Just two weeks before Felicity Lemke (nee Galvez) left for the Beijing Olympic Games, her mum Lynne was diagnosed with breast cancer for the first time.
It was a blow to the Australian Institute of Sport swimmer, but one thing she inherited from her mum was strength of character, and Lemke went on to win two gold medals – in the 4x100m medley and 4x200m freestyle relays.
“Mum said to me, you’ve got to go over there, you’ve got to swim, you’ve got to not think about this, we’ll deal with this when you get home,” Lemke said.
When she returned, her mum underwent a mastectomy and chemotherapy, and three year later, just as she looked in the clear, the next blow came; a different cancer diagnosis in her other breast.
Another mastectomy and more chemotherapy followed, before Lynne was delivered a third blow, five years after the first.
“Just last year, [she] got diagnosed with liver cancer,” Lemke said. “That was from the first breast cancer; it was quite advanced, so it’s obviously gone through the blood stream and was found in the liver.”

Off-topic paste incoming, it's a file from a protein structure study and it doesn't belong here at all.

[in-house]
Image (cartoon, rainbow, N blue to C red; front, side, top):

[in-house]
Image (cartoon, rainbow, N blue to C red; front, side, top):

Her mum, aged just 59, had part of her liver removed and has been undergoing chemotherapy for the past year, two weeks on and one week off.
The ordeal inspired Lemke to support cancer research through Chris O’Brien Lifehouse. She'll walk 60 kilometres for the second year in a row in November for the Weekend to End Women’s Cancers.
Lemke, who retired from swimming at the end of 2010 and now works at the AIS, did the two-day walk last year with her sister, walking the first 30 kilometres in 38-degree weather, and the return journey in the rain and “freezing cold”.
This year she’ll be joined by some of her colleagues at the AIS, a commitment which requires them each to raise at least $2000.
“Erin Burrows was the first [to join] … her mother passed away from cancer about three years ago,” Lemke said.
“Alicia Edge – one of her best friends at the beginning of this year passed away from ovarian cancer, aged 27.”
Lemke now has her own daughter, something she says has changed her perspective on her mum’s fight.
“It’s hard hearing your mum say, I don’t know how much longer I can keep fighting these battles … your parents are always the rocks in your life.”
“Before I had Sophia, I didn’t really think about how important I was to be in this world,” she said. “I know she needs me to be here for her … I realise that’s what my mum obviously feels for her daughters.
“I can understand why she wants to fight every battle which comes her way.”